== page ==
I was waiting for Branko’s name to be called for a routine X-ray on his legs. His grandfather took him in when his name was called, and a mother smiled and said Hi to him as he went by. She asked about his nasal prongs (Branko is on oxygen 24/7) and I gave her the short, but honest story of how he ended up being on oxygen. The mom was sitting with her daughter, who was in a wheelchair, and her mother. We started going back and forth with the typical questions that I’m sure most parents of special kids are used to:
“When did you notice something was wrong.”
“Can he walk?”
“Can she talk?”
“Is he in school?”
“Can she feed herself?”
While these may seem like invasive questions, ones you wouldn’t usually ask a stranger in a hospital waiting room, it seemed okay because we both clearly had similar battle scars to compare. There was a level of comfortability (wait, is that really a word?) between us that I hadn’t felt with other parents.
The grandmother seemed really interested in the nasal prongs. “How long does he have to wear them for?” (I really hate that question, because we have absolutely NO IDEA how long his respiratory problems will last. I guess the best answer would be… as long as we want him to breathe good??)
I could tell, as the conversation went on, that the grandmother was starting to look a bit sad.
Hold the phone… does she feel sorry for us? For my super-duper-smart, bilingual, and sarcastic son? Who may not be able to walk, but can sit on his own, stand with support, and cruise around the living room? Who constantly says “I love you Mama!” without any prompting whatsoever?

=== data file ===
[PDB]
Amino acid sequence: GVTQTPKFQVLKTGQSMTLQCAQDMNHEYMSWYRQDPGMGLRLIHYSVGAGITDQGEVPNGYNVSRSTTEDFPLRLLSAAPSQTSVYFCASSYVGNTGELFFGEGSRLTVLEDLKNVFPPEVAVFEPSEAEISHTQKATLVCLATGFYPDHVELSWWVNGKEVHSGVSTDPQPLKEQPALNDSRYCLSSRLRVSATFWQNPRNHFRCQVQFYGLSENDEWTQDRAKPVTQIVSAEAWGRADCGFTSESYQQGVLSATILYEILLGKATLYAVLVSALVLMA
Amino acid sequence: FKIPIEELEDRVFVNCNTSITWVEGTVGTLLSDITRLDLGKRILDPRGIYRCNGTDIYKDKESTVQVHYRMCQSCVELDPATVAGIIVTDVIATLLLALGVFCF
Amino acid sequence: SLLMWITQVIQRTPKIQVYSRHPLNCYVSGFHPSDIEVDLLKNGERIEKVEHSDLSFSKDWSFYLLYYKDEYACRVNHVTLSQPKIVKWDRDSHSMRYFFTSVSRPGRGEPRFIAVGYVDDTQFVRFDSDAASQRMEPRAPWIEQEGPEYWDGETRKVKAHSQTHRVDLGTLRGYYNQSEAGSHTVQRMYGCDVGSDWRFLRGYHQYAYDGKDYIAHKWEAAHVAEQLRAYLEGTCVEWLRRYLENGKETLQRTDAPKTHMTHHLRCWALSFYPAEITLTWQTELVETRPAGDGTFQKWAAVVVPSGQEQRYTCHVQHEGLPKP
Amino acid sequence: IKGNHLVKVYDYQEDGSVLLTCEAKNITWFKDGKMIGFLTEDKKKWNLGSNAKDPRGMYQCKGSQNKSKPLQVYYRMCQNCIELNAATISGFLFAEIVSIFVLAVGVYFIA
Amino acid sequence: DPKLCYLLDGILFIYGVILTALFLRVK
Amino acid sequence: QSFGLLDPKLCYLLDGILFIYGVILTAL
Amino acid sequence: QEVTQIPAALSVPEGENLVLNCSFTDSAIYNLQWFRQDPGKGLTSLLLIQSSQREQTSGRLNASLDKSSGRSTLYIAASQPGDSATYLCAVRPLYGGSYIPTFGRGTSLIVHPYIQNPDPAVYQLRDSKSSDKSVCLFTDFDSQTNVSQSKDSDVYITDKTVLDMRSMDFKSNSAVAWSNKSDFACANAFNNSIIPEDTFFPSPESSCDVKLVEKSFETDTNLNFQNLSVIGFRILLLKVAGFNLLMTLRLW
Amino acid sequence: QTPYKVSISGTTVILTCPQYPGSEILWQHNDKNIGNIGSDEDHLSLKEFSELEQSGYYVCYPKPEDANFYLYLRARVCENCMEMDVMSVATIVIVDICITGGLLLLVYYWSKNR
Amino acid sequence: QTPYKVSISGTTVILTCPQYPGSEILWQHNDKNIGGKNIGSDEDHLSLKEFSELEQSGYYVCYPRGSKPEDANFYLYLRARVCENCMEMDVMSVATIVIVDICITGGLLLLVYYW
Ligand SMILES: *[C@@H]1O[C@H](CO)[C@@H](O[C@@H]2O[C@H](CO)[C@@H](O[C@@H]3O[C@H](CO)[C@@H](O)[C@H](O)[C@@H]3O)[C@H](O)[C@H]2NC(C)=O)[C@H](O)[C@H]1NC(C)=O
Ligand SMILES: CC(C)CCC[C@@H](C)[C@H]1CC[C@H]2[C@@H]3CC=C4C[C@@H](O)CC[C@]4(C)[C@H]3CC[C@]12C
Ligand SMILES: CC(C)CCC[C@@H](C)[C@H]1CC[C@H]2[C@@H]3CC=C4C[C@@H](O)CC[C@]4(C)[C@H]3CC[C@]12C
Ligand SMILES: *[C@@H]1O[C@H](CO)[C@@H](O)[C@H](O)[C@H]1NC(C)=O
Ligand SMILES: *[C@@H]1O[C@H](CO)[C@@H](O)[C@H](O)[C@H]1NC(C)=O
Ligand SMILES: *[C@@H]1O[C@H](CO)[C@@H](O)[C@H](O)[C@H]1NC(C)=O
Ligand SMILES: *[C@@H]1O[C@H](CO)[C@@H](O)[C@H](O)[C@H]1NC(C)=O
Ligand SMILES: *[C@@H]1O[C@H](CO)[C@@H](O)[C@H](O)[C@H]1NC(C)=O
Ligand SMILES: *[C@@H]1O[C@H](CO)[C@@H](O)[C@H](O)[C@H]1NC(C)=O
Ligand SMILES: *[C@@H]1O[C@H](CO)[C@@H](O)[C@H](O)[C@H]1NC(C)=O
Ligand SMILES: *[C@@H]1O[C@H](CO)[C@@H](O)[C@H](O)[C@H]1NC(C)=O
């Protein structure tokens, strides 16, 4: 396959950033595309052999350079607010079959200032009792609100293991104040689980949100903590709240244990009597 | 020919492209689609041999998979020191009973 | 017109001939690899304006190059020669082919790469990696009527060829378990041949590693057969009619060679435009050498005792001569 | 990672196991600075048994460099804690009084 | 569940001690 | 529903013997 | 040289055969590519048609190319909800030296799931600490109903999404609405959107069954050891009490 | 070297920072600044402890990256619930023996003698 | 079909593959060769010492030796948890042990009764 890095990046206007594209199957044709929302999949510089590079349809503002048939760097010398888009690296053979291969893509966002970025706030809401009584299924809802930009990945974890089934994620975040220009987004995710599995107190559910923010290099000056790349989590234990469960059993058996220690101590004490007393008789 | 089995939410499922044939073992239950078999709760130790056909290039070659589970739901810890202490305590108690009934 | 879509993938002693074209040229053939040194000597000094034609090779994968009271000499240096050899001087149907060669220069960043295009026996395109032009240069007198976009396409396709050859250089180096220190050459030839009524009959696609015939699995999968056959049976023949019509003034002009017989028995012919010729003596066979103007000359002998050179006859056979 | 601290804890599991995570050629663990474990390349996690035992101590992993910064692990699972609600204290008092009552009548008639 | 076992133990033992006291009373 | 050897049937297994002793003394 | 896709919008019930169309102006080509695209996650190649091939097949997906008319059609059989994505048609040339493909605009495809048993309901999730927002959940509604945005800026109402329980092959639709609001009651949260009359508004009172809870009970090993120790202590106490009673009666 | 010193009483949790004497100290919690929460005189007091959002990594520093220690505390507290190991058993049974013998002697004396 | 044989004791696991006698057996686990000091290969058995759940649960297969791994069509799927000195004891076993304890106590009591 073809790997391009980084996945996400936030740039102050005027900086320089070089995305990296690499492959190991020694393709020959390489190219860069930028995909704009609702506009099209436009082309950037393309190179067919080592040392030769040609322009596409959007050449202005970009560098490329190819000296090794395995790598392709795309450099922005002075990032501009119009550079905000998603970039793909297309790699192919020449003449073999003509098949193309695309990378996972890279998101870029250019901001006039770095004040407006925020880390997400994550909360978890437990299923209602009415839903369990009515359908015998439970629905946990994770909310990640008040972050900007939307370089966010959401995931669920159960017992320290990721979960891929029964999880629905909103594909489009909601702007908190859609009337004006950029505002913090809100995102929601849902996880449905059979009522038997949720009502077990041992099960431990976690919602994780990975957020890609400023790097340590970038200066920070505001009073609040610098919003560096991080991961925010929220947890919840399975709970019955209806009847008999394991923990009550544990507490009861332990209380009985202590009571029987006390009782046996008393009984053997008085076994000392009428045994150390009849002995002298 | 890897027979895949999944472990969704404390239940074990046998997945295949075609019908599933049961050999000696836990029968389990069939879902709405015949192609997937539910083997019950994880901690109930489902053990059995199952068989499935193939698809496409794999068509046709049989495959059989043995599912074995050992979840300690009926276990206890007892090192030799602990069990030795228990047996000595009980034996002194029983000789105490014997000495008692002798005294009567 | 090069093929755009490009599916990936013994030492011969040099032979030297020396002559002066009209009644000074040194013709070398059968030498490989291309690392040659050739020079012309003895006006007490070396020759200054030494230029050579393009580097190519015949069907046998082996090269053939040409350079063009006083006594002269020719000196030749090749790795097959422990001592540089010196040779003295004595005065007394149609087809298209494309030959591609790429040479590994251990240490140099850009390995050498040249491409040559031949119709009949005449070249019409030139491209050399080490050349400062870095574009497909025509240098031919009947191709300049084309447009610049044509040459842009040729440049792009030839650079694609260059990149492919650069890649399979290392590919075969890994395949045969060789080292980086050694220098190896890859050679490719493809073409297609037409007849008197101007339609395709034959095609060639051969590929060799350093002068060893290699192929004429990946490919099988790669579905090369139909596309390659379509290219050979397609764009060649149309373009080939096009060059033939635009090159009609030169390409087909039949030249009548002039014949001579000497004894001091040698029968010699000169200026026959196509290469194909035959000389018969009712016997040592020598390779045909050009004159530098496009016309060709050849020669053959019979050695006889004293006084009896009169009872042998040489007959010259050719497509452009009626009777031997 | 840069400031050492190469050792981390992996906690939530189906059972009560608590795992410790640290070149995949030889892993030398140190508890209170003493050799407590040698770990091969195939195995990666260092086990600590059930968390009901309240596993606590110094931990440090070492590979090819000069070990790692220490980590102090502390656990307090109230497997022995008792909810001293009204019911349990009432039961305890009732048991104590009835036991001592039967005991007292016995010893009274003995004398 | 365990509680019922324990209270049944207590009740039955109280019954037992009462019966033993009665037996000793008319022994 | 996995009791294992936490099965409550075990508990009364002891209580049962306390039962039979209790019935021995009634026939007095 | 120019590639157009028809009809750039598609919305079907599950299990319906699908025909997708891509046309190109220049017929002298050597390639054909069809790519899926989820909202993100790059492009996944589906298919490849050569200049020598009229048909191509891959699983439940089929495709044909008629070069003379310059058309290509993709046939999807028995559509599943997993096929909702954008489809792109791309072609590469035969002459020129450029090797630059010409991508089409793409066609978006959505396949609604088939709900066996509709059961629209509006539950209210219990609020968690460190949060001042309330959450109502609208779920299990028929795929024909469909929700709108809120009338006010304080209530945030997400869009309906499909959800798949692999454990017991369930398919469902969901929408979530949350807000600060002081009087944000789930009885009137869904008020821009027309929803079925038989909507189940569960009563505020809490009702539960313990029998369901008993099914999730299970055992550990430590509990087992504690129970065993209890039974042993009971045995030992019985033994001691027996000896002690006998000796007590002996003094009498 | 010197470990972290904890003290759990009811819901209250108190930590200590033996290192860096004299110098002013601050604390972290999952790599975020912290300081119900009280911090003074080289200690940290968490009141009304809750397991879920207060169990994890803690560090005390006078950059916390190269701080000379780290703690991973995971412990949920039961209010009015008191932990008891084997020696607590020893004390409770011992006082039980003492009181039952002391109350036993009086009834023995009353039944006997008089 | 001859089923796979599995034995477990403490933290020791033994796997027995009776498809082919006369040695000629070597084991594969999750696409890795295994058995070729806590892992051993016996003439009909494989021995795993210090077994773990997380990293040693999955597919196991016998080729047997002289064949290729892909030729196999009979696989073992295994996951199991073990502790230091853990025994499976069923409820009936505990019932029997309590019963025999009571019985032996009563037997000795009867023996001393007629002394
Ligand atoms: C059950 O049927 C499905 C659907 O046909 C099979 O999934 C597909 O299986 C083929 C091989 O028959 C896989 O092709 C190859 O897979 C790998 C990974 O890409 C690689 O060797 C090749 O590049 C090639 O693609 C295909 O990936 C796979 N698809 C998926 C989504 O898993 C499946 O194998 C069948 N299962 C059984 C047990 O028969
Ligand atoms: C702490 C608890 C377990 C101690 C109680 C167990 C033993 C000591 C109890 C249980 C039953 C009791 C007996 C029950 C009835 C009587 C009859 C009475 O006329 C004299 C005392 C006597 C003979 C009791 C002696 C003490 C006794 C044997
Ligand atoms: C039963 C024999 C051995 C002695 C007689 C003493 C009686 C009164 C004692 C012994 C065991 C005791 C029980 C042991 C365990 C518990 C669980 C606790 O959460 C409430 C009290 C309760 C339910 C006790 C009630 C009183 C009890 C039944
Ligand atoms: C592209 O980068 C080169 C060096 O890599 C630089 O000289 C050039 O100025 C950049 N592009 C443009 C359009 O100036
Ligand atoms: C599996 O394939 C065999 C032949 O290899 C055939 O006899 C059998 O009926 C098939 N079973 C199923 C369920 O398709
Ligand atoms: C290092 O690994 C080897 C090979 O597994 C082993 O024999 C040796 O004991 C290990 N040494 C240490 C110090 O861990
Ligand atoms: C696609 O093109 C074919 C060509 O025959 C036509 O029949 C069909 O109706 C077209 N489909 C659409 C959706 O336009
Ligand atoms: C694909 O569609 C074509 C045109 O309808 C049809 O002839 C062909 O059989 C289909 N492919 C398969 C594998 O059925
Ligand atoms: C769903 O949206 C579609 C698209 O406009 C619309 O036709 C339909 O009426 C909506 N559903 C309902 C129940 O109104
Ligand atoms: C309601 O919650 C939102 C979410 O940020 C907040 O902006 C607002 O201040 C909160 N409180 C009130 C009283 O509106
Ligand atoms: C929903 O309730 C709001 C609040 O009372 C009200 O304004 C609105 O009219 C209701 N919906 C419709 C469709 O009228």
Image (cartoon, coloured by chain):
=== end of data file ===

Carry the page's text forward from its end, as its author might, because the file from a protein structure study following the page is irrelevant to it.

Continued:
I am trying to look at situations like the one in the X-ray waiting room with an ‘it could be worse’ attitude. This mom isn’t the type of mom I should be worried about. But there is a major, polarizing, difference between our attitudes. I don’t feel sorry for her granddaughter. And I don’t feel sorry for the many other children with unique needs and health issues that I see almost every day. Because, and this is a bit of a secret, you can’t possibly be yourself around someone that you feel sorry for. Nope. Try as you might, but you will never come across as the kind and respectful person that you WANT to be if you choose to interact with someone while having that little bit of sorrow in the bottom of your stomach.
Now comes the hard part – how do you not appear to feel sorry for someone who is different/confusing/sad to you? It’s hard. Here’s a tip that I’ve found very helpful: don’t look away. It’s really cool when a complete stranger smiles at us. And I dunno, I’m no expert, but maybe your kid(s) will be comforted by the fact that Mama or Papa isn’t scared of the different kids. [BONUS: this sets your child up for a lifetime of good karma, lots of friends, wise conversations, and being a generally well-liked-all-around-good-person. With kind eyes. And good hair. In other words, your child will definitely probably star in Dr. Who someday]